Updates from August, 2009 Toggle Comment Threads | Keyboard Shortcuts

  • Hober Short 5:59 pm on 29 August 2009 Permalink  

    Being a blogger is a very surreal experience some times: on a whim, I decided to do a google search for “stanley kaplan isaac asimov” to see if there was any evidence that they’d met.

    The first result is your post, dad.

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  • Pat 8:41 am on 29 August 2009 Permalink  

    Thoughts about Stanley Kaplan:

    • I wonder if Kaplan ever ran into Isaac Asimov. They were evidently growing up in the same part of Brooklyn at the same time, and came from nearly identical national and ethnic backgrounds.
    • Asimov was a poster child for the sort of success that Kaplan helped people achieve. A poor Russian Jew from the slums, Asimov was exactly the kind of student the universities tried to keep out, but he got in through luck and perseverance, and made it all the way to a Ph.D. and a teaching post through hard work. He also became a bestselling author and science fiction legend through more hard work.
    • Thanks for the shout-out, Ben, but I don’t believe your mother and I rate it. We weren’t obsessive, hovering parents where your schoolwork was concerned. We certainly didn’t talk about committing suicide over your test scores, or lurk outside your classrooms with towels.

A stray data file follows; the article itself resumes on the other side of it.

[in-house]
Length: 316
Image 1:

• Why is the collegiate acceptance system incentivized towards towards “naturals” over “grinds”? Think about the origins of what we call a liberal education. Wikipedia says, “In classical antiquity, the liberal arts denoted the education proper to a free man (Latin: liber, ‘free’), unlike the education proper to a slave.” In other words, it was all about class. Slaves learned practical skills like building and farming, but free men (those who didn’t have to work for a living) only studied subjects that had no practical use, like art and philosophy. Work is what slaves do, and makes you dirty and sweaty; no gentleman would sully himself with it. And being a gentleman was something you were born to, so this attitude translates very easily into racism. In that kind of world, the notion of upward mobility is shockingly subversive: if elite status is available to anyone who just works hard, that’s a threat to those who got it just by being born into the right families.